Learn this with: Machine Learning with Core ML, an iOS developer’s guide.

This book, by Joshua Newnham, was written in 2018 but it’s still plenty relevant today. We love the way it walks you through the ML algorithms, shows you the core code and provides inspiring case studies from Netflix and other successful apps.

You can get the book here.

Josh’s book is specifically aimed at intermediate devs who want to take the next step with ML.

ML with Python

Swift is, was and always will be your core focus if you want to learn iOS development. But Python is also important if you specifically want to learn ML.

Python code is clean and simple, and it comes with a vast ecosystem of libraries designed for ML. In fact, dozens of ML algorithms have already been written with Python (as you can see here).

Where to Learn: Deploy A Python Machine Learning Model on your iPhone, by Towards AI. There are lots of individual tutorials out there, but we particularly like this one.

It’s full of code and it breaks down the process into nice, even chunks (like we’re tried to do in this article).

Building mobile ML models with TensorFlow

We mentioned Python’s ML libraries in the last section, and TensorFlow is the brightest star in this particular galaxy.

For those who don’t know, TensorFlow is Google’s open-source platform for machine learning. It works with desktop, mobile, web and Cloud, and while its early iOS models were slightly rudimentary, they’re been getting increasingly sophisticated following the development of the mobile-friendly TensorFlow Lite.

Where to Learn: TensorFlow Lite’s Tutorial Page, which you can find here.

You can tell these guides have been written by Google. The hierarchy of information is really clear, and there are plenty of handy coding tips. You also get a link to the GitHub page if you want to go deeper.

And finally: what to learn once you’ve mastered iOS

The resources we’ve provided today (hopefully) show you how to learn iOS development from start to finish, and earn success for your client in the App Store.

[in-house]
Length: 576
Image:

But even when you’ve reached pro level, there’s more to learn. Once the app goes live, you will need to provide support, bug fixing and release updates to your customer base.

One of the key things you’ll want to know is how to properly test your app before releasing a new version. The best way to do this is by automated testing, and you can check our article about the best tools to do it here.

Another important thing is to learn how to deal with app crashes, which even the most skilful iOS developer will have to cope with now and again. No app is truly crash-proof, and we’ll probably never see one.

For this, a tool like Bugfender can help you provide better support to your customers: Bugfender will gather crashes and logs for all your users, wherever they’re located in the world, even if they’re not online. Check us out here.

We hope today’s guide has been useful. Most guides you’ll find on learning iOS development will simply present a list of resources, with no order or reason. But we’re devs ourselves and we want to add value to your lives, not clutter.

A quick shout-out to the sources we used. We found additional info from ZDNet, NetGuru and a bunch of excellent Medium sites, like this one from Naukri Enginering. The Apple Developer site also provided loads of good intel, of course.

But most of all, we’ve drawn on our own experience as devs. We started building Bugfender back in 2015, with the goal of creating an app that could debug any device, anywhere. We’ve made loads of mistakes along the way, and we know how tough it is to learn iOS app development if you’re new.

If you still need pointers to learn iOS development, or just want to chat about the challenges we face as coders and creators, get in touch. We’d love to chat.